Keith Dixon, Patent Attorney
by Andrea M. Payne
In 1885, former slave, Sarah Elisabeth Goode, became the first Black woman to receive a United States patent for inventing a folding cabinet bed that could be converted to a roll-top desk. Patents are important because they protect your ownership rights for things you have invented. However, prior to the end of slavery, “Slaves could not get patents because they were considered property and property could not own property,” notes Keith L. Dixon a licensed patent attorney for more than 20 years.
Dixon earned a Bachelor of Science degree in Mechanical Engineering from Howard University in 1987 and a Juris Doctor from the George Mason School of Law in 1994. He is a member of the American Bar Association, the District of Columbia Bar and the Patent Bar. And he is one of the few Black patent attorneys in the United States. Nationwide only 1.7% of intellectual property (IP) attorneys are Black, according to a 2020 article published by Bloomberg Law.
Noting that without a patent or trademark, people’s inventions can be stolen from them, Dixon is committed to creating a more equitable landscape so people have the opportunity to live their dreams. To that end, Dixon is proud to have managed a nationwide program, sponsored by the Department of Commerce, that helps inventors secure patents and trademarks at no cost. “Many people cannot pursue their dream because they don’t have access to the legal services they need,” Dixon observes.
For Dixon, taking time out of his busy schedule to speak with Boston Design Academy students reflects his commitment to increasing the number of African Americans in STEM. “It is very difficult if not impossible to be what you don’t see,” he says. “It’s important for young people to see a minority or a woman achieve their goals. They know it’s real and that an ordinary person can do it,” he says. Dixon applauds BDA students for their “insightful” questions. “They were spot on. They did their homework,” Dixon says, noting that he was quite surprised when one student asked him what he thought of Jim Bridenstine, former NASA administrator who stepped down from the position in January 2021.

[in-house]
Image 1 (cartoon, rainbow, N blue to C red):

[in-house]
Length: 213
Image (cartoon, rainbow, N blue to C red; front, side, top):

Reflecting on his journey, Dixon wants young people to know that, “You can do more than you think you are capable of. If I could go back and talk to my younger self, that is what I would tell myself. In high school I wanted to go to MIT, but I didn’t have the confidence to apply. That was an opportunity that I did not allow myself to have because I thought I wouldn’t succeed. So I didn’t even bother.” As Dixon matured, he became a risk taker, and left NASA for a position at Lexis/Nexus where he was laid off due to the recession. Still, he does not regret the move. “This gave me a different experience.”
“Be prepared and be honest,” Dixon responds when asked what advice he would give young people of color as they prepare to enter the workplace. “This means learning about strategic alliances in the workplace. Learning about the inner circle. When the recession came, those in the inner circle were safe.” And Dixon emphasizes, “It’s important for young people to know who they are going into these institutions. You are of value. Don’t let anybody tell you otherwise.”